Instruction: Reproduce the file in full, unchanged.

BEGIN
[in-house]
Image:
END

[in-house]
Image: